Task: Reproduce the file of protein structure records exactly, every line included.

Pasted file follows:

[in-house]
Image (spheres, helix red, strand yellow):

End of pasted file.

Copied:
[in-house]
Image (spheres, helix red, strand yellow):